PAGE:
Tuesday, September 28, 2010

T'fillat Geshem

As the chagim draw to a close, the Jewish people are offered one more chance to ensure their seal in the Book of Life on Hoshana Rabba, a serious day in a holiday known for its happiness. The following day, Sukkot turns into "atzeret" which is perhaps best translated as addition or conclusion. Among the special t'fillot of the day (including, in Israel, all of the appropriate inclusions for Simchat Torah), is t'fillat geshem. A translation with a few notes from the Orthodox Union is available here. The notes offered there are quite helpful.

A careful read of the stanza's of the piyut(liturgical poem) yields an image of very powerful forces. Water provides and sustains life, the absence of it is deadly. An abundance of water is potentially destructive, and water in an inappropriate place or during an inappropriate time is equally problematic. Fire, water, and blood, are referenced repeatedly in the piyut. Fire and water, are commonly seen as opposites, while water and blood are representations of life(one of the reasons for washing our hands with water after returning from the cemetery). We go to great lengths to avoid the ingestion or consumption of blood, in some cases it is a sources of ritual impurity, which we are instructed to avoid in nearly every situation. Water is generally a purifying force (another reason for post cemetery washing), and on Yom Kippur during the Temple service, the blood of certain animals purifies Israel of sin. Each of the above elements are recalled in reference to a section of the Biblical narrative. In some ways this is the ultimate z'chut avot (merits of the Fathers [anscestors]).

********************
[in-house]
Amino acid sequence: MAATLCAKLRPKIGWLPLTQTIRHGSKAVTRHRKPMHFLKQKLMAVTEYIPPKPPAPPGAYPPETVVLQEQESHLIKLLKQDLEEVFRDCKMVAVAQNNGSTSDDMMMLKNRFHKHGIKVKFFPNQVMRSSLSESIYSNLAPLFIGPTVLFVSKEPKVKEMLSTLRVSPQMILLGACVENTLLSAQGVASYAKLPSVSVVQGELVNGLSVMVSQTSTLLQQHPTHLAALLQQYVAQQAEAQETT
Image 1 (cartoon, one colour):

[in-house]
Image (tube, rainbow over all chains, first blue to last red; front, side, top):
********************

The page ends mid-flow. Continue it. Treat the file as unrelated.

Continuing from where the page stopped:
In an earlier post I discussed the importance of dew as viewed through the lens of Israel. Over the past few days, and possibly in the coming days, rain has been plentiful in sections of the East Coast of the United States. As such, I can imagine that on Thursday it will be particularly difficult to stand during t'fillat geshem, and request rain, having possibly slogged through a downpour just to get to synagogue. I hope that those outside of Israel can understand the importance of, and the need for rain inside Israel. Last year Israel did not receive enough rain, and without technological advances, experts felt that thousands could have died. With that in mind, every body should attempt to be fully present as we beseech God for rain. May this year's rain be plentiful, for a blessing, and not for a curse.

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